However, the study maintains that the decision about not opening the floodgates meant for diverting the Jhelum floodwaters to Dal lake—when the river was overflowing its banks—may have had a positive impact on the flood situation in certain parts of the city. “In fact, this saved several areas in the city from getting inundated,” it states.
The study states that “releasing of the Jhelum floodwaters ahead of Srinagar at Sonawari well in time before the city got inundated would have saved several areas in the city from getting flooded.”
“It is imperative that such important decisions are based on thorough understanding, derived from simulated scenarios, about various aspects of regulating these hydraulic structures during floods and cannot be taken on the spur of the moment as was done in this case,” it states.
The study states that the presence of the railway line aligned through the floodplains might have made a difference in the observed inundation levels and patterns during the flooding.
“The Railway line might be responsible for the higher levels of the inundation observed in some areas of Jhelum floodplains around Srinagar city. The presence of this prominent physical barrier in the midst of the floodplains restricted the spread of the floodwaters in certain areas of the floodplain, thereby increasing the inundation levels in Srinagar city. A few of the traditionally flood-hit areas in the Jhelum floodplains did not receive the floodwaters this time probably because of the presence of the railway embankment all along the floodplain,” the study states.
However it states this needs to be further researched to quantify the impacts of the prominent railway embankment on 2014 flooding to initiate any corrective measures in future.
“Despite several warnings and clear indications of the impending flood disaster, the successive state governments have failed to design and develop the necessary flood control infrastructure in Kashmir valley that could enhance the resilience of the vulnerable sections of the society in the flood-prone areas and reduce their risk to extreme flood disaster,” it states.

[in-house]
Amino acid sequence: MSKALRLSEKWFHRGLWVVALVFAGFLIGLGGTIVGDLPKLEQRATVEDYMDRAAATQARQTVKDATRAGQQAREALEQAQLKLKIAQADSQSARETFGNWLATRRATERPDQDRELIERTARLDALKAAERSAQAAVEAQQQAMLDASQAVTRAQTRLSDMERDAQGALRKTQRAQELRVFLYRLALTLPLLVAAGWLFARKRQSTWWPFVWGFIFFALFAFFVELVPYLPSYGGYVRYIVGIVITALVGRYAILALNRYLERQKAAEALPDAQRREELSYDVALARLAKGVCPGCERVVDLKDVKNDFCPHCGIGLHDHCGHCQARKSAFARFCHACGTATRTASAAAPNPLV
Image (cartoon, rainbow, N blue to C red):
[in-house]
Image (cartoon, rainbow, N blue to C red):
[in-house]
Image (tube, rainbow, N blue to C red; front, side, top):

Romshoo said the “dilapidated flood control infrastructure, shrinking of most of the wetlands, deforestation, urbanization of floodplains and siltation of the watercourses in Kashmir valley has degraded the ability of our environment to absorb the excess rainwater.”
“This has increased the vulnerability of the Jhelum basin to flooding which is manifest in the frequent flashfloods and water logging observed in the floodplains of Jhelum including the Central Business District of Srinagar after just a few centimeters of rainfall,” he said.
The study recommends increasing carrying capacity of Jhelum and strengthening of its embankments.
“There is an urgent need to start, on priority, a massive dredging of the flood spill channel to restore its original capacity of 17,000 cusecs and to immediately initiate the measures for the construction of the second flood channel of about 25,000 cusecs capacity from South Kashmir to Wullar to ameliorate the flood situation Srinagar in the eventuality of another large flood,” it recommends.